Barossa’s Powell Plans Wine Venture With Son Following Torbreck
David Powell, founder of Torbreck Vintners in South Australia’s Barossa Valley, said he plans a new wine venture in the region with his son after leaving the business he built up over the past 19 years.
Powell, 51, said he was “saddened” by events that led to his departure following contractual and commercial disagreements with Pete Kight, who has controlled the winery since 2008. Powell’s son Callum is currently studying winemaking in France with Rhone producer Jean-Louis Chave and his wife Erin.
Powell helped develop Torbreck into one of the leading wineries in the Barossa Valley, northeast of Adelaide. Its wines are based on the area’s classic Shiraz, Grenache and Mataro grapes, and it exports two-thirds of its output.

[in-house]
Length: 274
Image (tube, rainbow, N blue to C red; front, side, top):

“I can create a new business with my son,” Powell said by phone today. “I’ll certainly give my son advice. I have a lot of contacts in the Barossa.”
Powell said that day-to-day winemaking at Torbreck had been “very much under my control” up until his departure. Craig Isbel will head up the grower’s winemaking team, providing continuity, Kight said by phone Sept. 5.
Isbel, who joined the business in 2004, has played a leading role in the winery since 2006 and has two assistant winemakers, Scott McDonald and Russell Burns, according to Torbreck’s website.
“We’ve focused very hard on Asia,” said Kight, who invested in the winery five years ago. He said he sees Torbreck operating globally and has a management committee to guide the winery’s strategy.
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